Another presentation that I attended featured Guy Steele who gave an update on the progress of the Fortress programming language. Fortress is to be a programming language for high performance computing -- sort of Fortran++, although the syntax and the features of Fortress are rather different from Fortran. Fortress is designed with parallel execution in mind; e.g., many constructs are parallel by default, and if sequential execution is wanted, this has to be explicitly stated. Fortress is clearly aimed at the mathematically inclined programmers: It has operating overloading 'on steroids', in combination with tools to present source code with just about any glyph, such as greek letters. Note: Fortress is an imperative language; I was beginning to think that functional languages with minimal side effects would be the only way forward here.

Finally, I attended a panel discussion about cloud computing. The session wasn't as interesting as I had hoped for; maybe people were a bit tired in the afternoon. Discussion within the panel lacked energy, and there wasn't much audience involvement. I asked the panel to comment on two of the obstacles for cloud computing which I see. Where I work, we actually have some perfect use cases for cloud computing, in principle: Once a month, for example, we run some heavy computations which take several days and cause much stress, while at other times, the hardware is more or less idle. However, 1) what about security, i.e. protection of privacy sensible data, and 2) where is the business case if we need to upload ½ terabyte of data before the computations can start? My conclusion from the subsequent discussion was that we aren't going to be using EC2 for our computations any time soon, sadly. (Another unfortunate problem is that we rely heavily on SAS programs, and SAS Institute is notorious for virtualization-unfriendly licensing. But mayby SAS will wake up some day -- and perhaps even work with Amazon to provide access to SAS on EC2 nodes, charged by the hour?)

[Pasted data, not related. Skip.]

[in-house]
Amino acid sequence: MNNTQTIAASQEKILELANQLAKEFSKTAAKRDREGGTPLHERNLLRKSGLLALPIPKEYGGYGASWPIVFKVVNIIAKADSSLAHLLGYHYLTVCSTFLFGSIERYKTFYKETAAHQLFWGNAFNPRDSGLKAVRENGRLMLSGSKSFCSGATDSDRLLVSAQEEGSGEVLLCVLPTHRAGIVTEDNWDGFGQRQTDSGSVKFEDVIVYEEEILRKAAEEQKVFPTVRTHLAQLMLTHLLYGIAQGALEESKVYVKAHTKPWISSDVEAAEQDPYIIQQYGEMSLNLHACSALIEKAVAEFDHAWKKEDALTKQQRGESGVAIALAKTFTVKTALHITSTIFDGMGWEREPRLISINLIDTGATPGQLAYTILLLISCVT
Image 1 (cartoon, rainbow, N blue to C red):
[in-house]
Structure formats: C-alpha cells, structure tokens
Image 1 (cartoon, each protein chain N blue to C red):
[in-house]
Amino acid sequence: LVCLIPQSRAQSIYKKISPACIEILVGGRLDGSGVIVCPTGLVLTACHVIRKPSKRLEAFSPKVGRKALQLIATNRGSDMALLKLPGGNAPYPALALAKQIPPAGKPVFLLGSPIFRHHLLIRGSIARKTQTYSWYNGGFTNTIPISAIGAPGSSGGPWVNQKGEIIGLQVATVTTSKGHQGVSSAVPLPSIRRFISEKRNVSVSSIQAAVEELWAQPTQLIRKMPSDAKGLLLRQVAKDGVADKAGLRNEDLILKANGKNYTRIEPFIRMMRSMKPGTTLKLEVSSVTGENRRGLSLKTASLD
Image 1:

Apart from attending presentations, I had a chance to talk to a people in the exhibition area.

Among those were Red Hat which has recently opened a (small) office in Denmark.

I talked with people from the Danish National IT and Telecom Agency (ITST) about project-ideas for ITST's Software Exchange: I've recently had vague ideas about some identity management code which would be nice to have in the agency where I work; this might be in the scope of the Software Exchange. And I think that many public sector organizations would be able to make good use of a project charged with adding LDAP-based group definitions to per-directory access controls in Subversion.

Finally, I got a chance to shake hands with Stefan Tilkov. I recently listened to a podcast where Stefan did a great job of explaining the (very sound) ideas behind REST.